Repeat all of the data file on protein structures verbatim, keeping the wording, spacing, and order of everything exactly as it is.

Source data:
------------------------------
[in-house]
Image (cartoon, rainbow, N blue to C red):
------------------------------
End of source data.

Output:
[in-house]
Image (cartoon, rainbow, N blue to C red):